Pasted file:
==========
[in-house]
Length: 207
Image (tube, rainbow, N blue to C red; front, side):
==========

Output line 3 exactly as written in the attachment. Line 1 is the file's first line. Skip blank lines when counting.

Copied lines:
Image (tube, rainbow, N blue to C red; front, side):